It can affect your health

A leading health issue is stress, and there's no doubt about it that the hospitality industry isn't renowned for its calming working environments. However, dishwashers who get on with their colleagues and get into the rhythm of a shift may find the work not only stress-free but even meditatively enjoyable. Health problems that can arise from dishwashing are undoubtedly back problems and pain from overusing the arms or overextending the body. Standing up for long periods, bending over in the same ways, and the repetitiveness of the work can lead to physical issues, especially over time.

Other clear health risks are created from the use of cleaning detergents and sanitizers that contain potentially harmful chemicals. This relates to both hand-washing, general cleaning in the kitchen areas, and dishwasher machines also. Protective wear can guard against this, and ensuring hazardous liquids don't get in the eyes or irritate the skin is necessary so that injuries are not caused. Cookware and tableware that's fresh out of the dishwasher may be super-hot, and the water from powerful jets can be too. While those who can withstand a little heat might not let this bother them, the effects over time can leave the skin red, raw, and painful. As with any physically demanding job, every dishwasher should have a bottle of water within reach so that they don't become dehydrated. Because the work is tiring, it's important to let cooking healthy dinners go by the wayside after the shift has finished.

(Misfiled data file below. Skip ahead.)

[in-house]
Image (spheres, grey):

It's a good way into other restaurant kitchen jobs

Despite everyone in a commercial kitchen relying on a dishwasher, the job isn't always highly valued. As previously noted, the pay isn't always great, especially when compared to the hours, shift patterns, and actual job requirements. However, while there are plenty of horror stories, there are some who've been happy with the role. And there are those who see it as a great way into the hospitality industry at ground level and work your way up.

In a Washington Post feature in which the writer steps into the role of a dishwasher, it's revealed how important a job many expert chefs consider it. As the late Anthony Bourdain once quipped on "Fresh Air," "I jokingly say that I learned every important lesson, all the most important lessons of my life as a dishwasher. And in some ways, that's true." For anyone wanting to know the ins and outs of how a restaurant kitchen works, a dishwasher job could offer some good insights. In the right place, there's often an opportunity to try interesting foods, watch how chefs operate, and move into a different role. As with many industries, it's not just what you do but how you do it. Personality and approach can make you stand out in any position. A dishwasher who communicates well with chefs may find that they have a better chance of successfully applying for a trainee role or kitchen assistant position.